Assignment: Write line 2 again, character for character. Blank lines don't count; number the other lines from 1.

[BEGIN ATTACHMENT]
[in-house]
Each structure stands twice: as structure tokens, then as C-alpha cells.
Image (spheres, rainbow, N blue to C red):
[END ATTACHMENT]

Each structure stands twice: as structure tokens, then as C-alpha cells.